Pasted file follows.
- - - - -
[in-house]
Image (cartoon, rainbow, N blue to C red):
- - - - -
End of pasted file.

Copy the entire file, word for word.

[in-house]
Image (cartoon, rainbow, N blue to C red):